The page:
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Article
February 1976

Transillumination as Diagnostic Aid

Author Affiliations

Cincinnati

Arch Dermatol. 1976;112(2):262. doi:10.1001/archderm.1976.01630260062018
Abstract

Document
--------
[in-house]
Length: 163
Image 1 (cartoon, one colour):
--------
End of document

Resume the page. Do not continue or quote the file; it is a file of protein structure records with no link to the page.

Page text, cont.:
To the Editor.—  In some areas of the body where transillumination can be done, point transillumination aids in the diagnosis of basal cell carcinoma. The invasive tumor cords make for better transmission of light.Because of the sebaceous gland structures of the nose, the differential diagnosis of skin lesions near the tip is often difficult. In our experience, this is the area of the highest failure rate of differential diagnosis. Cysts, fibromas, inflammatory nodules, deep dermal nevi, and sarcoids are some of the lesions considered in the differential diagnosis. Yet, this is one of the so-called vital facial zones where an early diagnosis, especially of sclerosing basal cell carcinoma, must be made.Transillumination1 is a technique that may help in this area before the biopsy is done. The optical characteristics of the skin are changed by cords of basal cells infiltrating the dermis. These cords make for better transmission

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